By Ken Reed
The Huffington Post
September 16, 2014
Last week, Federal Communications Commission (FCC) chairman Tom Wheeler wrote in an op-ed column, “The FCC shouldn’t be complicit in preventing sports fans from watching their favorite teams on TV. It’s time to sack the sports blackout rule for good.”
I couldn’t agree more. Given all the tax advantages the NFL gets as a 501(c)(6) nonprofit, along with all the taxpayer-funding NFL owners receive to build their sports palaces/cash machines, and the government-sanctioned monopoly status the league enjoys, fans need to be treated more justly in a lot of ways, but particularly when it comes to television blackouts.
NFL games should not be blacked out. Period.
“For decades, the NFL has literally held its fans hostage by the blackout rule,” said consumer advocate Ralph Nader, who has long fought against the blackout rule. “‘Either you sell out each game, or you do not get to watch,’ the league says. It’s exciting that this anti-consumer practice appears on the verge of extinction.”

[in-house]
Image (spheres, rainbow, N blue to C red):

Talk about abusive. NFL owners, most with franchises worth a billion dollars or more today, threaten to move their teams unless local taxpayers fund new sports palaces/cash machines for their pro football teams. Once the taxpayers build the sports palaces/cash machines, the less-than-thankful owners hold a gun to taxpayers’ heads with the television sports blackout rule.
Basically, the government-sanctioned blackout rule allows NFL owners to say, “Build us sparkling new sports palaces -with lots of luxury suites and clubs seats — or we’ll move the franchise to another city. Also, once you build it, you must sell-out every home game – regardless of the quality of the product – or we’ll remove the games from local television.”
Wheeler said the full commission will vote on the future of the blackout rule at the end of the month.
“The NFL should no longer be able to hide behind government rules that punish loyal fans, which is why I am sending to my fellow commissioners a proposal to get rid of the FCC’s blackout rules once and for all,” wrote Wheeler in his op-ed. “It fulfills a commitment I made in June. We will vote on the proposal on September 30.”